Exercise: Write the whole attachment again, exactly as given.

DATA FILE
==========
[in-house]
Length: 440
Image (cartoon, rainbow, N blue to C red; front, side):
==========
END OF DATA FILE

[in-house]
Length: 440
Image (cartoon, rainbow, N blue to C red; front, side):